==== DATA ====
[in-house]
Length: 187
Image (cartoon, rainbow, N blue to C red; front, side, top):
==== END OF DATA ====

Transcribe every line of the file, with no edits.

[in-house]
Length: 187
Image (cartoon, rainbow, N blue to C red; front, side, top):